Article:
The first thing to say about the 1972 Monaco Grand Prix is that it came close to being called off. Not because the weather was abominable, although it was, but because of a row between the race organisers and the teams. And if the dispute had remained unresolved, one of history’s fabled drives would have been lost.
To begin at the beginning. Traditionally, the number of starters had been restricted to 16, a number thought ample for a track as sinewy as Monte Carlo. In 1971 it was upped to 18, and for ’72 the organisers said they would allow 20 cars on the grid.
Enter the Formula One Constructors Association, FOCA or F1CA, as it then was (the abbreviation later amended, ‘fica’ having unfortunate connotations in certain Latin countries). At this time the association was new, formed by team owners after years of being taken for a financial ride by organisers. For 1972, it insisted, the fastest 25 cars must start in all GPs.
Initially, the organisers acceded to the demand, but the teams arrived in the Principality to find they had gone back on their word: it would be 20, and no more. Unless or until 25 starters were permitted, the team owners said, their cars would not be going out.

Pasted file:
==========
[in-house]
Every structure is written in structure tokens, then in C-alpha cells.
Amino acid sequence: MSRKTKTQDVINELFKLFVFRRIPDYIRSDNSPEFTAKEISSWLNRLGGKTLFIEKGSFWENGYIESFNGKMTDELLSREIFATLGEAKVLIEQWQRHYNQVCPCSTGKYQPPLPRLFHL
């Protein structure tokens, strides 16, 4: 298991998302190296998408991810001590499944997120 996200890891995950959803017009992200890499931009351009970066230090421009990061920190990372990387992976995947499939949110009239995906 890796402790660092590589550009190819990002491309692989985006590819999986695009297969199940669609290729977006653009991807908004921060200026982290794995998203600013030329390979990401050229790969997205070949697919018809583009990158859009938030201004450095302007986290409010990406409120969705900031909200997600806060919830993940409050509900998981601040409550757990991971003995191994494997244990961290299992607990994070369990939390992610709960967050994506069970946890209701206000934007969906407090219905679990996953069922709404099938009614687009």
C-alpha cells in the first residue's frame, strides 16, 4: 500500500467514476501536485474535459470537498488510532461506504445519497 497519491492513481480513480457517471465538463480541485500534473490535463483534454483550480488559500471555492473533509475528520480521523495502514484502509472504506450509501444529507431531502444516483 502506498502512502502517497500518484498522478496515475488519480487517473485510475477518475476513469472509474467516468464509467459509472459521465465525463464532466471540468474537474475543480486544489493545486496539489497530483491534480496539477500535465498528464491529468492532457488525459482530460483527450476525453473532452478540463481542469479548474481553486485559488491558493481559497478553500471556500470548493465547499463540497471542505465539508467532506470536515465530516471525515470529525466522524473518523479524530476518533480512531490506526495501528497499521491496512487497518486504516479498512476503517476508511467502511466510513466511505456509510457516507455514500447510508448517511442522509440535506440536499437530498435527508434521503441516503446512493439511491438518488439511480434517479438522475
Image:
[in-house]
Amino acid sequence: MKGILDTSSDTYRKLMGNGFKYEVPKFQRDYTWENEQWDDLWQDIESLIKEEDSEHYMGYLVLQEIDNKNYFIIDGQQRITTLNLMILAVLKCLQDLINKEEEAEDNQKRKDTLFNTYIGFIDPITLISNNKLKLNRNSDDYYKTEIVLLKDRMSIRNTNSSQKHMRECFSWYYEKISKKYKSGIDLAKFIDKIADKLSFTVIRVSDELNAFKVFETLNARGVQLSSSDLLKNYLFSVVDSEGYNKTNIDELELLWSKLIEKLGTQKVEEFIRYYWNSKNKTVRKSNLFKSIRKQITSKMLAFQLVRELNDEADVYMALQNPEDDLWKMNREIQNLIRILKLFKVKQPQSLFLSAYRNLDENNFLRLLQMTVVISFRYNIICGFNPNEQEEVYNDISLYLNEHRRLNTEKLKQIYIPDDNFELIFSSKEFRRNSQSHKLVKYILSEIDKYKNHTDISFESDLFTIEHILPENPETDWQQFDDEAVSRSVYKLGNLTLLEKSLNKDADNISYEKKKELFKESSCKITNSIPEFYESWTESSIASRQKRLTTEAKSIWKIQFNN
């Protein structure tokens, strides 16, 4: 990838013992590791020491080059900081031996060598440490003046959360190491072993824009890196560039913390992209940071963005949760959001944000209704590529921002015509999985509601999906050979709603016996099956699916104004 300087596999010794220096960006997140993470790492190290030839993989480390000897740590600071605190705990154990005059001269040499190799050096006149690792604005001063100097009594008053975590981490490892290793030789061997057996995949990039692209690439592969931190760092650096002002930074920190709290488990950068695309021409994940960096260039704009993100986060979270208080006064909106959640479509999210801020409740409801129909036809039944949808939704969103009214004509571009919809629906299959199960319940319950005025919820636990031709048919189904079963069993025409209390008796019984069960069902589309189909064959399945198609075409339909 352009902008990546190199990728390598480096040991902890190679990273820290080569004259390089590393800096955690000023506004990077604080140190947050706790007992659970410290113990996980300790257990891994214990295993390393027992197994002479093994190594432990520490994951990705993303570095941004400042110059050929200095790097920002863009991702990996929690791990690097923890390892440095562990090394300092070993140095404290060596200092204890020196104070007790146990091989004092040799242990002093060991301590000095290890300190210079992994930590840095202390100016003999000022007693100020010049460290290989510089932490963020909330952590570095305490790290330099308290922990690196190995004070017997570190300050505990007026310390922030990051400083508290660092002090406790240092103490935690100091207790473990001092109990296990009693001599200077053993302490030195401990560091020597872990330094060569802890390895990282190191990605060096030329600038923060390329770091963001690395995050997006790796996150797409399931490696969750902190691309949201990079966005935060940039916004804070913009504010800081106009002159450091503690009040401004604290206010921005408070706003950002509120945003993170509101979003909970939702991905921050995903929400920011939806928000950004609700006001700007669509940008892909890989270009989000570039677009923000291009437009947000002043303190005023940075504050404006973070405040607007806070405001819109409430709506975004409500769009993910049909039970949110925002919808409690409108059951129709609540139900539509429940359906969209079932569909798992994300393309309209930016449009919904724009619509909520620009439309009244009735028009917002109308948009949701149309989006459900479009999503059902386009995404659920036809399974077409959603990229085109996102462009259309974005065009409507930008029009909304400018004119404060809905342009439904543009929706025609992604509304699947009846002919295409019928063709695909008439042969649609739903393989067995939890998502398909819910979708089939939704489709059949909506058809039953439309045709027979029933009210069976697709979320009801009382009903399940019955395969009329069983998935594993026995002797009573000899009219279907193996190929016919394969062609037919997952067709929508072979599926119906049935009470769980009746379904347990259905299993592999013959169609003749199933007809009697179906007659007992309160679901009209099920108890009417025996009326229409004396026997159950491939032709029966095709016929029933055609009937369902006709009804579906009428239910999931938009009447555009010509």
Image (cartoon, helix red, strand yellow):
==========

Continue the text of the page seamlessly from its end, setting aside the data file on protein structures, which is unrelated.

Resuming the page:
The autocratic organisers – at that time still largely unfamiliar with the words ‘Bernie’ and ‘Ecclestone’ – took this insubordination ill, and sent in the police to impound the cars, then housed them in an underground car park which constituted the paddock. Not surprisingly, the mechanics were unimpressed, and there ensued what may be termed ‘angry scenes’.
Temporary deadlock ensued, but eventually the matter was resolved by the French delegate of the CSI (then the sporting arm of the FIA), who insisted that the Monegasques stick by their original promise of 25 starters.
By this time much of Thursday’s opening practice session had been lost, so the drivers had barely an hour on the circuit – which had undergone alterations. Although the significant changes, involving the loop around the swimming pool and so on, were still a year away, the area approaching Tabac was revised, because of a resiting of the pits.
There had long been fears of a major accident in the pits, which were at the trackside, completely unprotected. The organisers undertook to move them, but a month before the race they attempted to slide out of their commitment, relenting only when the team owners threatened not to turn up. All told, the ambience at Monaco was frosty in 1972.